When a Man is Tired of London

Words and Pictures by Sara Khan

A famous English writer Samuel Johnson once said ‘when a man is tired of London, he is tired of life.’ Well I can understand why but I am a bit bias as I have lived in London my whole life! Like many capital cities, London has a real buzz about it, but at the same time it is very different as it caters for all tastes and I have only experienced NYC to be similar in nature. For example, you could go learn how to look floaty and elegant like through attending class in Aerial Silks (aerial acrobatics while hanging from a fabric) to randomly being invited to tag along to a wrap party all in one night. As a Londoner we are all very very busy people rushing off to somewhere, meet someone, or do something but half the time we don’t know what. We have little rules that we all live by such as only standing on the escalators on the right-hand side, and never giving eye contact to the person opposite you on the tube (unless you’re drunk then it’s a free for all). But these are all the things I love about London and what makes it great.

I also like how London has distinctive areas within the city. You could go to West London to find boutique shops and visit Portobello Road Market. East London is vibrant and full of a creative flavour like no other part of the city full of street art and pop ups everywhere you look. Central London is the beating heart of the city but I like the social and fun side of Soho. North London has a great alternative scene with the famous Camden Lock and markets. Lastly South London (or gritty south as some people call it) is where I call home that brings everything together for me.

Over the years I have grown up in this city, I can honestly say there is one time of the year that’s my favourite and that’s summer. Nothing beats summer in London in my eyes and it’s the best time to visit. The buzz of the city is amplified by the good weather with everyone wanting to socialise and have post-work drinks, there’s loads of music festivals, gigs and club nights, and just lots more exciting parties.


I have always been a bit of a social butterfly but I am also a creative who loves the arts which is why I guess I stayed in London. The city has always been described as a hub and a melting pot of different people and cultures. I believe this is one of the reasons why it’s so great and historically this has always had an influence on the arts that London is so well known for today. Everywhere you walk you will see parts of old London – in the architecture through to modern day London design shops and boutiques.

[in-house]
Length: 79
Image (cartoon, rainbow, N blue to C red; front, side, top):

One particular area of interests for me has been music and how it influences our culture. Music has always given me a sense of release, a way to bond with my friends, and its offered me a way to make new friends. I have many foggy and fun memories of going out after college or work to watch bands play at gigs across so many venues in town. I was really into Indie music in those days and you could go upstairs in pubs like Old Blue Last in Camden, or club nights like FROG at the Mean Fiddler (The Astoria 2) in Charing Cross that hosted events with more of a larger ‘club’ vibe.  I have been lucky enough to watch the rise of many bands in London such as Noah and the Whale, Kaiser Chiefs, Razorlight, Klaxons, CSS, Bloc Party, Smokey Angle Shades, Laura Marling, Artic Monkeys, and Franz Ferdinand.

Growing up in South London I was also heavily into garage and grime music which perfectly capsulated London’s street culture for me. Grime was a way of storytelling with gritty beats influenced by garage music. I identified with as it as it described areas I knew, things I did, and defined a way of life many people my age related to. Listening and seeing artists like Wiley, Dizzee Rascal, Ms. Dynamite, Roll Deep, So Solid, and Lisa Maffia not only impacted on the way I dressed as part of that scene but also the way I spoke, and where I went out in London.

On my weekends (and the occasional cheeky school night) like many teenagers of the 2000s, I would go to nightclubs and immerse myself into the music scene. Clubs were always a good way to meet likeminded people and some of whom have become my lifelong friends. I always saw music as a key part of British culture but particularly London’s inner city culture. To this very day music influences our everyday social practices and is something we can share over generations as a tool of self-expression.